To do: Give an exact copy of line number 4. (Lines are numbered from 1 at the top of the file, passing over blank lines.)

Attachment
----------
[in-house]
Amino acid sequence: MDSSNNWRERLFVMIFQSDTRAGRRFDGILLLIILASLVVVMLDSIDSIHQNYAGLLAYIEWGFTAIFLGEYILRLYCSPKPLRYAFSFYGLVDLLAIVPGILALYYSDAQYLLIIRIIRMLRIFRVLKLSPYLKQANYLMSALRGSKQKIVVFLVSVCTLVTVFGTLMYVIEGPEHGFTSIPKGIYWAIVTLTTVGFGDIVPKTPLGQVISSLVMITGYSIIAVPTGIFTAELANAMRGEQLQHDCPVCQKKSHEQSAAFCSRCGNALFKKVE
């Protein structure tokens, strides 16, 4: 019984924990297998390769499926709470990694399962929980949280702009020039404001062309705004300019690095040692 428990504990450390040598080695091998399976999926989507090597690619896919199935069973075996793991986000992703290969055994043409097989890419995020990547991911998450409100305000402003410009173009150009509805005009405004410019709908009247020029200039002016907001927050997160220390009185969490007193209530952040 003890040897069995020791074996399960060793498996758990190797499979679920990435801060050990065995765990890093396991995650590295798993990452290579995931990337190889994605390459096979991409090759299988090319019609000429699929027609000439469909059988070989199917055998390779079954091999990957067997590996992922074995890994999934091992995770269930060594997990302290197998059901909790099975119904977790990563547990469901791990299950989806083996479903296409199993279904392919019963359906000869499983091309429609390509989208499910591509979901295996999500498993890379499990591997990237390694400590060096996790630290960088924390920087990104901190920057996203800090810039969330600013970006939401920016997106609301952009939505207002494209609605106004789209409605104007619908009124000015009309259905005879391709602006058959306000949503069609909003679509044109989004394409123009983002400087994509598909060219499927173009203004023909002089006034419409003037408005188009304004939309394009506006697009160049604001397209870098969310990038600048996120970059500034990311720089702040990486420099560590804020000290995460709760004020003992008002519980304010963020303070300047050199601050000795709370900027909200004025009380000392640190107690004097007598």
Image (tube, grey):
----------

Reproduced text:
Image (tube, grey):